In the beginning, when I was starting out with one on one therapy sessions in a polyclinical setting, I lived in abject fear of being put on the spot for some clever feedback. I felt the patient was waiting for a one-liner that would summarize all of their problems and provide the solutions to them in one big swoop. Just like in the movies. I felt pressure to provide something that would give immediate relief, something the patients could hold in their hand on their way out. Then I would be able to check it off my list, like the neurotic overachievers we doctors all are. I would sort of rush through the patient history questionnaires apologetically (in psychiatry it does go on rather). It felt wrong to ask so many questions; as if I hadn't payed proper attention to begin with. I sat tensely at the edge of my seat, ready to swerve any expectation I couldn't meet, and often went into long tirades of psychoeducation to prove myself. I would be only too happy to prescribe antidepressant medication, and if not effective, another type, another class and maybe also a sleeping aid to match. I wish that these were just the machinations of a rookie resident, but my actions were always closely supervised.
Only in my second year of the psychotherapy degree did something happen that really changed this way of working. A lecturer told us, that as doctors we have an innate problem. Our first impulse is automatically to "treat, prescribe, act!" We had to practice leaning back and getting a full picture. Here, the psychologists had an advantage over us, he said, they are very good at this. A thorough anamnesis, a patient history often hides the answer. I went back to to my therapy room, all motivation, I was going to lean back, come what may. I asked probing and intrusive questions, but told myself that this was not a social call. And what resulted was a really good conversation. In addition, it turns out that patients are rather relived, not just by being asked a lot of questions, but by being asked the awkward ones; it's information they would never reveal unprovoked. For example, in casual conversation one would never ask someone how their libido is, as this would cause severe situational discomfort. But if someone is depressed and struggling with their sexual life, this is an important diagnostic indicator, and asking about it creates an almost palpable sense of relief - finally they are able to talk about something troubling them. After all, if the talking is supposed to be the medicine - isn't it meant to feel a little unpleasant?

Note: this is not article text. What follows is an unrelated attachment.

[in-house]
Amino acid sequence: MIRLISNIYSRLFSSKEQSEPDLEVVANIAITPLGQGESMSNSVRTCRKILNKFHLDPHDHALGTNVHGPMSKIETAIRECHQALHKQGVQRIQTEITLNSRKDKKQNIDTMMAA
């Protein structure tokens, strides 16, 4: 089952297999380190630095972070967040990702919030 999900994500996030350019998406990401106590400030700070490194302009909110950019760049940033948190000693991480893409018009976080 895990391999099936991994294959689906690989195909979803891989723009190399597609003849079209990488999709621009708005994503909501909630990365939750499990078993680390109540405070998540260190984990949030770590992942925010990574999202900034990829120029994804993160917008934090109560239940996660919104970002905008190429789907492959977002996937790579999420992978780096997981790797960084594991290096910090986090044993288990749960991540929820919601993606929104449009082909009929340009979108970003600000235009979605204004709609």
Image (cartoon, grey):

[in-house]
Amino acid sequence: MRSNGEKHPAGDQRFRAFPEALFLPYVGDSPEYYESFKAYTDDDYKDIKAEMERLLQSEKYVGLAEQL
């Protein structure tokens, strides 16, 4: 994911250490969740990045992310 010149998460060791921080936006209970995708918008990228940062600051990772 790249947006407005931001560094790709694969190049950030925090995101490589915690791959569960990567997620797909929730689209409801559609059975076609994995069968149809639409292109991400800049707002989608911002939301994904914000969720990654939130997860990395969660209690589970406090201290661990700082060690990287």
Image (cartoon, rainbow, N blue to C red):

Furthermore, many physicians tools are counterproductive to the psychotherapeutic goals.
For example, a person suffering from anxieties should be encouraged to face their fears with you in order to become braver, not be given tranquilizing medication. In the same vein, a depressed, isolated patient should be given structure, regular exercise and frequent consultations, not merely sick-leave and a random one-size-fits-all antidepressant. Learning to view these tools as such, helped me discern when to don the "therapist hat" instead of the "doctor hat".
I learned this the hard way, because in Switzerland, all the psychologist and resident doctors have to go together to an external supervisor (a Guru if you will) and present cases or patients they're struggling with. This was terrifying and awful, and incredibly helpful in the end. It took me a full year of these weekly torture sessions before any realizations set it. And I was amazed to see, that it was sort of the same message I'd received from the "leaning back"- lecturer. I would present the case, list the medical interventions I'd tried, and the clever methods I had learned from books, but say the therapy wouldn't progress no matter what I did. Every time I finished, the Guru would ask me a simple question about the patients relationship to a family member, or dig into an incident in the patients life that I had judged insignificant at the time and not investigated further. Ever time I hung my head, and had to - tomato-faced - tell him I didn't know this piece of information. After a second of judging silence, he would tell me to go back and do the anamnesis again and come next time. And that would without fail get me unstuck. I think what I learned through these experiences, is that people come to us, not because of some debunked neurotransmitter unbalance that responds to medication, but because life is hard and awful things happen to them.